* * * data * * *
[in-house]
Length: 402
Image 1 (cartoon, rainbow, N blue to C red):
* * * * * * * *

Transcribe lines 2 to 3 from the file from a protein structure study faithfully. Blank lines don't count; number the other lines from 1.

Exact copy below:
Length: 402
Image 1 (cartoon, rainbow, N blue to C red):